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Lexington City Council, Public Ready to Roast “Spawn of Satan” Spectrum Over the Coals

Finally, a cable company that can bring everyone together, regardless of gender, age, color, or socio-economic status. Rich or poor, urban or suburban, everybody in Lexington, Ky. agrees on one thing: they hate Charter Spectrum.

Tom Eblen from the Lexington Herald Leader savaged the cable company that has alienated so many locals, the city council is looking for a bigger venue to hold their first ever performance evaluation of a telecommunications company. There are doubts the meeting, scheduled for Aug. 24 at the new senior center in Idle Hour Park (seating for 800+), is big enough to accommodate a crowd bearing pitchforks and lit torches.

Lexington chief administrative officer Sally Hamilton tried to keep things sober at the Lexington-Fayette Urban County Council work session held last week.

“We have been receiving numerous complaints,” Hamilton said.

Locals have accused Spectrum of being the “spawn of Satan” and are shocked and surprised by how much they miss Time Warner Cable, something few thought could be possible.

Since the “shameful ones” took over, customers are furious about channels that disappear without notice, failing equipment, and enormous lines at the remaining cable stores still open to accept equipment exchanges. Since Charter Communications took control of Time Warner Cable, internet speeds are reportedly dropping while bills are skyrocketing.

As Eblen notes, “It’s like the old days of Ma Bell, which comedian Lily Tomlin, as Ernestine the telephone operator, famously satirized in the 1970s: ‘We don’t care. We don’t have to. We’re the phone company.'”

The best word to describe local customers’ feelings for their new cable company: contempt.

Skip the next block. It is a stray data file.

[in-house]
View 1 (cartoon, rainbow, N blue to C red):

Some city officials are getting close to agreeing after learning Spectrum is abruptly and unilaterally moving the community’s local public access channels to TV Siberia, where almost no customer is likely to find them:

  • GTV3, used to broadcast city government meetings, is leaving Channel 3 and moving to Channel 185.
  • Fayette County Public Schools will lose Channel 13 and find themselves on Channel 197.
  • The University of Kentucky’s Channel 16 is relocating to Channel 184.

City officials spent money branding and promoting GTV3, which apparently will soon be GTV185, where only the most dedicated channel surfer will likely find it. The city claims Spectrum is thumbing its nose at its franchise agreement. Charter executives know well cities are practically powerless to intervene or have any significant say about how cable companies operate within their borders. Deregulation gives the city very few options to keep Spectrum in line. Officials also admit there is no chance another cable operator will agree to provide service in the area, effectively trapping the community with Charter indefinitely.

All the city can do about the channel repositioning is ask for money from Charter to help pay for rebranding the channel. Lexington officials are requesting $20,000, as per the terms of the franchise agreement. Charter hasn’t sent the check.

“That performance evaluation will allow the public to air their differences,” Hamilton said. “We do not have a lot of rights under the franchise agreement, but we can demand respect.”

It doesn’t seem likely Charter will be a hurry to provide it.

Spectrum Continues Its Campaign to Encrypt All TV Channels

Phillip Dampier July 3, 2017 Charter Spectrum, Consumer News 3 Comments

Spectrum cable subscribers still watching cable television without a set-top box will soon need one, or a functional equivalent, for every television connected in their home or business as Charter Communications continues its effort to encrypt all cable channels.